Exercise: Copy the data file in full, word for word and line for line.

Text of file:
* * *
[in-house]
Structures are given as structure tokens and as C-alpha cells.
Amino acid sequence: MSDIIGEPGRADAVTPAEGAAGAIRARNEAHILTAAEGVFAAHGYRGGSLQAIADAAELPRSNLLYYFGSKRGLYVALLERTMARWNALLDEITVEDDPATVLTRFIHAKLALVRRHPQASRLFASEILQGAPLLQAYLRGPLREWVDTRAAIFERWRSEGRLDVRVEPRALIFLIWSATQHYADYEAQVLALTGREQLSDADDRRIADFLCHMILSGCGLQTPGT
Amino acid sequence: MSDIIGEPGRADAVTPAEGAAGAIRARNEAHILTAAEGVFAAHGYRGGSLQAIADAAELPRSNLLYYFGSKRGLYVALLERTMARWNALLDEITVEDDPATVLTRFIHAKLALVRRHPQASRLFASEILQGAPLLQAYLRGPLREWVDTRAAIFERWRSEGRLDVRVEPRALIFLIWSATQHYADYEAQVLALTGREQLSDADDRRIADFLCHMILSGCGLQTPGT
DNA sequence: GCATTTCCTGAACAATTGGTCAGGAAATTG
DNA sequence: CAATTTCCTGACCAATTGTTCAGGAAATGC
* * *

[in-house]
Structures are given as structure tokens and as C-alpha cells.
Amino acid sequence: MSDIIGEPGRADAVTPAEGAAGAIRARNEAHILTAAEGVFAAHGYRGGSLQAIADAAELPRSNLLYYFGSKRGLYVALLERTMARWNALLDEITVEDDPATVLTRFIHAKLALVRRHPQASRLFASEILQGAPLLQAYLRGPLREWVDTRAAIFERWRSEGRLDVRVEPRALIFLIWSATQHYADYEAQVLALTGREQLSDADDRRIADFLCHMILSGCGLQTPGT
Amino acid sequence: MSDIIGEPGRADAVTPAEGAAGAIRARNEAHILTAAEGVFAAHGYRGGSLQAIADAAELPRSNLLYYFGSKRGLYVALLERTMARWNALLDEITVEDDPATVLTRFIHAKLALVRRHPQASRLFASEILQGAPLLQAYLRGPLREWVDTRAAIFERWRSEGRLDVRVEPRALIFLIWSATQHYADYEAQVLALTGREQLSDADDRRIADFLCHMILSGCGLQTPGT
DNA sequence: GCATTTCCTGAACAATTGGTCAGGAAATTG
DNA sequence: CAATTTCCTGACCAATTGTTCAGGAAATGC